Monday, 5 June 2017

Not as it Seems

My response to the Light and Shade Challenge.

Jeff kept his professional smile as he showed the couple around the car dealership. 
“It’s a very reasonable price,” he said.  The Ford Fusion gleamed.  “Very low mileage and we include a full service before delivery.”
India’s lips were pressed together so hard that you couldn’t see her lipstick.  “I don’t see why I have to pay out for that kid.”
“Sweetheart, it’s my godson.  He’s seventeen, he has a hobby…”
“He’s a spoiled brat.”  She turned back to Jeff.  “The kid is just going to take it to pieces.  He hasn’t even got his licence yet…”
“He’s got his test booked…” Jason said helplessly, taking a swift mouthful out of a small flask as India turned back to Jeff.
India hadn’t noticed the flask.  “I have to scrape by and make do, but when it comes to the kid he can’t say no.”
“His name’s Oliver.” Jason muttered. 
India shrugged then turned to Jeff.  “Honestly, something a little cheaper.”
“He should have been called Nancy.” Jason mumbled. 
Oliver can see it as a project.  What have you got that needs work?”
“I wouldn’t let them call him Bill.” Jason managed another crafty mouthful from the flask.
“You’re making less sense than usual.” India looked at Jeff.  “Anything?”
Jeff smiled.  “Between you and me, there’s one vehicle we weren’t thinking of selling at this moment,”he said with absolute truth.  It was booked for the scrapyard.  “It’s a fixer upper, but at a very good price.”
“What do you mean?” India followed Jeff to where the wrecks were stored.
“It’s a nice little car.” Jeff waved a hand at the red wreck in front of them.  “Once it’s done up it could be quite desirable.  Is the lad handy?”
“He’s a good lad.” Jason said quietly.  “Good with his hands.  I was thinking of taking him on as an apprentice.”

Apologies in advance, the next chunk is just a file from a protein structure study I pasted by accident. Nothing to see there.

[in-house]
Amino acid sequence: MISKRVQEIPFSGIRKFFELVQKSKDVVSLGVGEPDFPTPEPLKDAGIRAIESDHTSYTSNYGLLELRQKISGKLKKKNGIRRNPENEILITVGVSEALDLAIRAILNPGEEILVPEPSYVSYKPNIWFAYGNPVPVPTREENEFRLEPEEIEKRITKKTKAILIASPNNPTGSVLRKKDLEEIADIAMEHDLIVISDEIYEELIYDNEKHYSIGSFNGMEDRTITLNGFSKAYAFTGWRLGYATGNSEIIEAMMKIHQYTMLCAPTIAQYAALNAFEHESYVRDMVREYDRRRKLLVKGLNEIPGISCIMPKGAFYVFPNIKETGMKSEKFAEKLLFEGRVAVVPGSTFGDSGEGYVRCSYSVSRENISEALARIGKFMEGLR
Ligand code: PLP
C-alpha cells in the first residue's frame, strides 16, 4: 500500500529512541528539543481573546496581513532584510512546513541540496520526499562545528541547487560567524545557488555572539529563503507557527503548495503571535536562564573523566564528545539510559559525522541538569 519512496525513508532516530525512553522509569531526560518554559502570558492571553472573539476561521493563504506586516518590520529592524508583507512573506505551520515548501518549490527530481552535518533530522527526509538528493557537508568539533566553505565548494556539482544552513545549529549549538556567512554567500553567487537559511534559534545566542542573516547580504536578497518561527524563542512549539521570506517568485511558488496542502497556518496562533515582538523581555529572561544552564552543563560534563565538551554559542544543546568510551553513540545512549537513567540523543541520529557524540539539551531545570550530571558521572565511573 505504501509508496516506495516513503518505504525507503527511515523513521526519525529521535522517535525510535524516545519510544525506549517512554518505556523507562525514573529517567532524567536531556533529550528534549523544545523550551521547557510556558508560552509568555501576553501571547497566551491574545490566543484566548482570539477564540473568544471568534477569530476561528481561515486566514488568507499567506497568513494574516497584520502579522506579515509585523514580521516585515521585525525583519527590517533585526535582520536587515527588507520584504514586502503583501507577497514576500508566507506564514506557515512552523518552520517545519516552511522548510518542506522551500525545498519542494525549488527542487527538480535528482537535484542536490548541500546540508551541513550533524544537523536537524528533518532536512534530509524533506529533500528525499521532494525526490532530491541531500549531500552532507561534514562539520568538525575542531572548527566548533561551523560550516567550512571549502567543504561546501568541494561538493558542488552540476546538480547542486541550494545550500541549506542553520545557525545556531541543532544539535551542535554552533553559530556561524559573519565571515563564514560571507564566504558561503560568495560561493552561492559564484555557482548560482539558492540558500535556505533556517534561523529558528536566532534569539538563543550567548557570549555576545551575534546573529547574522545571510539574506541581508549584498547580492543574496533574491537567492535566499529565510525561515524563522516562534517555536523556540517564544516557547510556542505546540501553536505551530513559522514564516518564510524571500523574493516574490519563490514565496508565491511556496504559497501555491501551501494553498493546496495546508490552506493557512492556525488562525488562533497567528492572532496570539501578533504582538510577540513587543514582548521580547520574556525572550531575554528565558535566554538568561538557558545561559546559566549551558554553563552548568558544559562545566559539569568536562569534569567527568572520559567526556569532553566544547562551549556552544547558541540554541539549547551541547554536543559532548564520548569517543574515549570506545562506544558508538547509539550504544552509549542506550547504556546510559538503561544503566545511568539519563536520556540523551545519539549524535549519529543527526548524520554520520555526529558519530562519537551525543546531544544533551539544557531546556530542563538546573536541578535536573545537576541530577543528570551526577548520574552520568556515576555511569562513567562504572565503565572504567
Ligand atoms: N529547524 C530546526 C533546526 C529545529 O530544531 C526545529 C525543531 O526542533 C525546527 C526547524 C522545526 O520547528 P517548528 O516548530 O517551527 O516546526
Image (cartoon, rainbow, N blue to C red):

Jeff watched India’s hands clench into fists and then slowly unclench.  Then her shoulders slumped.  She nodded.  “We’ll take it.”
“Why don’t you look it over while I sort out the paperwork.” Jeff didn’t like leaving people alone, but today was an exception.  “I’ll be back in five minutes.”

Jason slumped against the Toyota, shielding India as she knelt next to the wheel arch and quickly felt inside.  She looked up.  “Keep talking to cover me,” she whispered.
“She could have called him Sikes,” Jason said, his voice getting a little louder. “She never called him after me.”
“Hang on.” The woman struggled a little then nodded.  “I’ve got it.”  She pulled out a small, tightly wrapped package.  “Okay, let’s stage the argument and get out of here.”

Jeff was shuffling the paperwork on the when he heard them shouting. 
“What do you mean, he’s your son?” India yelled.  “I can’t believe it.  After all these years!” She stormed over to their car and threw herself into the driver’s seat. 
“Sweetheart…” Jason scrambled into the passenger side as the car rattled out of the yard and screeched around the corner onto the main road. 

Jeff shrugged.  He may have lost a sale, but at least he didn’t have a headache.  

Sunday, 15 January 2017

Someone New

I didn't mean to write something that linked in with At the Sign of the White Hart but I had already started writing the next installment that fitted so well with the quotation from the Light and Shade Challenge for this week.  This is the pared down version, 514 words (oops!) down from 3192 for the full version which you can find on the blog 'At the Sign of the White Hart' here or, if you're interested you can find the full story from the beginning here.